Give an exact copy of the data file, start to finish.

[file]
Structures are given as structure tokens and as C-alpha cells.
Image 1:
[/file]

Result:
Structures are given as structure tokens and as C-alpha cells.
Image 1: